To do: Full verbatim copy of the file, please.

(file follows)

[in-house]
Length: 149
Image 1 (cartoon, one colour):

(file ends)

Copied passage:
[in-house]
Length: 149
Image 1 (cartoon, one colour):